On behalf of a number of other higher education associations, a small team from ACE and EDUCAUSE has been working with NFB and AAP representatives since late last year to develop a joint legislative proposal. We started by developing a shared concept outline for the bill, which we finished earlier this summer, shared with a range of stakeholder groups, and then revised based on their feedback. Since late July we’ve been working on translating that concept outline into an actual bill. The process is well underway; we’re actively working on edits as we speak. Hopefully, we will be able to release a public draft of the bill later this fall.

Russ: I’m taken by the term “voluntary” guidelines. Why have those negotiating the bill focused on “voluntary” guidelines and how do those organizations see those guidelines coming together?

Jarret:  I think AAP and NFB focused their initial legislative proposal on voluntary guidelines because they recognized how fluid and complicated a space this is.  As you know, the range of disciplines and pedagogical considerations that electronic instructional materials and related technologies must address in higher education is extremely broad as well as extremely deep.  A rigid regulatory approach to try to advance accessibility in that context would likely generate significant unintended consequences that could limit the availability and effectiveness of teaching and learning with technology for all students, including students with disabilities.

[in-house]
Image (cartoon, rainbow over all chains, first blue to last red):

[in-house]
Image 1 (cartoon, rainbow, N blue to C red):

So, on the higher education side, we thought the original idea that NFB and AAP had about addressing these issues through voluntary guidelines was a good one. In our view, voluntary guidelines would raise awareness and inform decision-making while also preserving institutional flexibility to meet students’ unique needs.

Taking that as our starting point, AAP and NFB joined us in agreeing that the process needed to be more clearly stakeholder-led and stakeholder-driven. One reason this matters from a higher education perspective is that any discussion of instructional materials and technologies necessarily involves pedagogy. The higher education community wanted to make sure that the process for producing effective voluntary guidelines wouldn’t negatively impact institutional oversight of the teaching and learning mission, which the federal government has long agreed should remain higher education’s responsibility. A stakeholder-led process with equal representation from higher education leadership ensures that the guidelines will develop in a balanced, well-informed context, which will also ensure that institutions genuinely have the flexibility they need to meet student needs to the extent they reasonably can.

Russ:  Given that negotiations are still ongoing, what else can you say about what we’re likely to see in the bill that will be submitted to Congress?